The Battle for Clean Air

The Battle for Clean Air
Why is U.P. so lenient with smoke-belching jeeps? Because if it isn’t, the jeeps will riot

Three hundred is a very special number. It was the number of Spartans that fought the Persians. It’s the maximum number of points you can score when bowling. Believe it or not, it’s also the number of jeeps that have permits to enter U.P. Diliman—round about.

It’s no wonder that the air can get a little filthy now and then: jeeps aren’t the most environmentally-friendly vehicles. Based on observation, one out of every fifteen jeeps emit visible smoke within U.P. A simple estimate may mean that around twenty jeeps in UP smoke belch on a daily basis.

Non-abidance Abidance

Number coding, among other regulations, are in place, but that doesn’t solve the problem. The UPDP (U.P. Diliman Police) are allowed to issue tickets but have no jurisdiction over the trial. They can’t be as efficient if they’re not entirely sure the person they caught will pay up. Red tape and file transfer costs get in the way. The Department of Community Relations, the office directly in charge of jeeps, was even abolished at some point; it wasn’t reinstated until July 1 this year, and not all the files and cases have been transferred just yet. The bureaucratic costs of the system are still very high, but our contact says that it will all smoothen out within a year.

Soot Be Told: A commuter covers his face from vehicular smoke

The campus abides by the QC rules when it comes to smoke belching. Basic vehicle requirements with the LTO are a must. The U.P. permit raises several secondary requirements though. First, the jeep must undergo a motor inspection near the College of Engineering. Second, it has to undergo a second emission test free of charge. The gasses being measured are HC, CO, and NO, each one with specific harmful effects. Lastly, the driver of the jeep must undergo a drug test. The permits only last for a year before they have to be renewed. Some jeeps deteriorate before a year and cough up smoke. Daily use—among other things—really has its toll.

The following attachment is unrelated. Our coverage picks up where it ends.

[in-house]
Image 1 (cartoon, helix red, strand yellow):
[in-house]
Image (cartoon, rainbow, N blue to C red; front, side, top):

U.P. is well aware of the environmental costs though and implements its three hundred quota very strictly. It raffles out the quota to all jeepney operators via a raffle system. That explains why jeepney waiting lines tend to be really long or why Toki jeeps are such rare commodities. Quotas create artificial scarcity. Just think about the waiting time as your personal contribution to the environment.

Green Means Money

Complying with U.P. standards is also very costly. Oil change, injection pump replacements, and other emission reducing procedures can cost anywhere from P1000 to P3000, a heavy price for a jeepney operator. Add that to the opportunity cost of one days’ worth of earnings when the jeep in the repair shop. That amounts to around two to three thousand pesos. The total cost of a repair then would be around P3000 to P6000. Corporal Marquina from the Office of Community Affairs mentions that some of the jeeps in U.P. date back to the 1980’s and their maintenance costs are very high.

Start-up costs are also very high. The cost of owning a route that passes through U.P. is around P100,ooo. After paying the lump sum however, the operator can add as many jeeps to the route as long as the system stays within the 300-jeep quota. High start-up costs prevent market entry. This is why the jeepney operations within campus is actually a monopoly. The Pantranco route, for example, is owned by a single entity. He just happens to own ninety jeeps and had P100k to enter the market.

No to the Future

The system has thought up of alternatives however, such as the electronic jeep and the monorail system. But the costs of these will be borne heavily by the jeep sector, which will go out of business.

All Bark, No Bite: Though this sign articulates U.P.’s stand quite clearly, in practice, it is a lot more lax

In fact, the Philcoa jeepney drivers have more than once marched to the office of the Vice-chancellor for Community Affairs to oppose the monorail. Regardless, the monorail system is about to be set-up. Ground-breaking has already begun in the College of Fine Arts. Though the plans have been trimmed down to a simple CHED to OCA route, our contact says that once the plans have begun, there’s no stopping expansion.

Electronic jeeps have also been proposed as an alternative. The batteries don’t last for more than a day and they aren’t as fast as the normal jeep, but they don’t emit harmful emissions either. The campus can also hire the same drivers for the electronic jeeps to maintain their employment. The cost then will be borne by the monopolistic jeep operators.

For us students though, we still have to wait and see how the price for using these alternatives will affect us. We might be better or worse off, depending on the relative change in commuting costs. It might be safe to assume that it’ll be cheaper, because if the monorail was a lot more expensive than the jeep, it wouldn’t pose as a business threat.

The environment is vital to U.P., but even if staying clean has its benefits, these benefits must always be placed side-by-side with the costs. The question becomes: are we willing to pay these costs?

Photos by Chiara Buergo


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